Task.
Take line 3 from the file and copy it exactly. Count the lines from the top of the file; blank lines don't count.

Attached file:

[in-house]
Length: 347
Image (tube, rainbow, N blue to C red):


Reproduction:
Image (tube, rainbow, N blue to C red):